Album: Stronger (RCA)
In stores: Now
Why we care: Over the past few years, the incandescent Evans became more famous for her tabloid imbroglios (back-and-forth cheating accusations with a politico ex-hubby) and Dancing With the Stars drama (she ditched the show when the personal dirt went down) than her music. That's too bad, because the 40-year-old has always been more than a Nashville confection. There's a natural curl to her vocal, not unlike Dolly's yodel or Reba's burn. It's a standout asset in a sea of pop-country blahs.
Why we like it: This "comeback" album, her first LP in six years, isn't her best work; that would be 2000's Born to Fly. But there are enough sweet moments to trigger memories of why we crushed on Miss Mizzou in the first place. Evans has a hand in the new songs, as do high-powered pens Kara DioGuardi (on Wildfire) and Lady Antebellum's Hillary Scott (on A Little Bit Stronger, which repeats "Better off without you, baby" enough times until we get the point). Evans is playing it safe, happy to vault back into radioland and redefine her chops. It'd be nice to have more, but having her back at all feels swell, too.
Reminds us of: Remember the smash single Born to Fly? It gets a zippy bonus "bluegrass" treatment here that, at the very least, will have you iTunes-ing the life-affirming original.
Download these: Alone and a cover of Rod Stewart's My Heart Can't Tell You No
Album: Build a Rocket Boys! (Polydor)
In stores: Now
Why we care: The sad thing is, Americans don't "care" enough about this smart, moving British band, whose newest record is about connecting your past (say, childhood) to your present (say, the horrid slog of being an adult). It's a bittersweet photo album stained with Guinness and tears. "Looking back is for the birds," burly lead singer Guy Garvey croons on the opening track, which starts prickly but, as his mind wanders to a simpler time, turns into an orchestral cocoon of gauze and memory. It's a stunner, folks.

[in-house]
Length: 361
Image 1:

Why we like it: Garvey is our kind of genius, a restless musicmaker who isn't afraid to mix tribal thump with baroque piano, full choral sing-alongs (With Love) and spare vocal laments (Jesus Is a Rochdale Girl). But unlike Radiohead's Thom Yorke, whose mission often seems to be losing the listener down a head-spinning rabbit hole, Garvey is a much more literal storyteller who wants you to follow the bouncing ball. Elbow's last effort, The Seldom Seen Kid, one of the most critically beloved of 2008, was an incredibly lonely endeavor. Build a Rocket Boys! reveals itself to be more sweet than bitter, and when album closer Dear Friends, with that blinking satellite of a guitar, wraps things up, don't be surprised if you're both singing and sniffling along.
Reminds us of: Coldplay with a brutal hangover (or a Cliffs Notes version of Radiohead)
Download these: The Birds and Dear Friends
Album: Blood Pressures (Domino)
In stores: Now
Why we care: Fresh off a two-album killing rampage with fellow black-haired neo-blues misfit Jack White, femme fatale Alison Mosshart returns to her first love: Jamie Hince and the Kills. She's an American, he's a Brit, and together they form an attitudinal tandem of her brashness, his stand-offishness and a mutual love of '50s and '60s leather-jacket rock. Whereas Mosshart and White were into angular, aimless tunes that often imploded (although awesomely), the Kills are driven by far more accessible beats and groovier hooks. (Their big breakout hit, 2008's Cheap and Cheerful, was featured in everything from House to an NHL video game.) The Kills can throw a party for sure, but rest assured the punch is spiked.
Why we like it: The Kills do almost everything big, an ideal group to be featured on Rock Band, where everybody playing gets a monster part to mimic. Case in point: the street-strut over-the-topness of Nail in My Coffin, with its stuttery "oh-oh-oh"s and a snare drum seemingly being played via an electric eel. Damned If She Do has a '70s-ish Stonesian vibe, and for all Mosshart's influences — Garbage's Shirley Manson, Belly's Tanya Donelly, the entirety of Jesus and Mary Chain — you realize she wouldn't mind trying on Mick Jagger's tiny trousers, either.
Reminds us of: Bonnie and Clyde with guitars instead of tommy guns (although they probably have some of those stashed in the trunk, too)
Download these: Future Starts Slow and Nail in My Coffin
Sean Daly can be reached at firstname.lastname@example.org or (727) 893-8467. His Pop Life blog is at tampabay.com/blogs/poplife.